Over the past couple of months, God has been pruning my family and me, tailoring us to the different mold that He chose to use when creating Idan. It has been and continues to be a daily challenge for all of us, but I know that it’s nothing compared to the challenges that Idan faces with finding his place in this world that doesn’t make any sense to him. He isn’t broken and unable to function. He just sees and perceives the world differently than most people do-99% of the world to be more precise. His nerves, emotions, and senses are all wired differently than an average person. Everyone has their own way of coping with feelings of anger and disappointment. My husband reacts by searching for a solution immediately. I like to talk about how the problem is making me feel. Cole likes to find and place blame. These are all socially acceptable and commonly found behaviors. Idan’s feelings are displayed through tearful meltdowns and body movements, referred to as stimming (The term “stimming” is short for self-stimulatory behavior, sometimes also called “stereotypic” behavior. In a person with autism, stimming usually refers to specific behaviors such as flapping, rocking, spinning, or repetition of words and phrases). Stims are not something that can be trained away. Trying to tell an autistic person to stop stimming is like trying to tell anyone not to blink or sneeze. It’s a crazy thought to try and force someone to do or stop doing something that comes perfectly natural to them, and I never understood that until God began to teach me through Idan.

Now that I’ve gone through all of the emotions accompanied with the realization of Idan’s workmanship, I’m prepared to do whatever it is that God has in mind for me, as Idan’s mom, Cole’s mom, other parents of Autistic children, and the population of folks who don’t understand the world that people on the spectrum live in. The biggest thing that I’ve come to grips with so far is that although our family is adjusting to suit Idan’s needs, we still each need to express ourselves in the ways that we have been individually and specifically designed. My husband makes and executes plans, Cole draws and sketches. I talk and write. It’s the way that we operate. I need to write through all of this, and I need to know that I have a community of support that is ready to listen and walk through this with me.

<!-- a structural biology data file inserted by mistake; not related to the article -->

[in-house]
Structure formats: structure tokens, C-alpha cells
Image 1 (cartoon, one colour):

I have so many people who are there to offer suggestions and helpful advice, and we are going through the process (lengthy and time consuming process) of receiving medical assistance for Idan. I am the research queen! So believe me, I’m reading articles, watching videos, and educating myself and my family on how we can make Idan’s life easier to manage. We have an overload of ideas and thoughts and dietary changes and textural modifications going on in our home on a daily basis. We are slowly learning Idan’s specific place on the spectrum, and each new milestone is something that takes lots and lots of planning and executing to achieve (grateful for a husband with these gifts). So, we are in excess of ideas and information right now. What we need most is listening ears and prayers for energy and gentle patience to be displayed through our faces and actions. Idan is still a 5 year old boy, after all, and he still has a very important big brother who doesn’t need to be lost in the mix. Now that that’s all been thrown out there, I will be posting periodically on the progress of our family’s growth. I know that God has hand-picked each of us for such a time as this.

Embracing the Crazy,
Cathi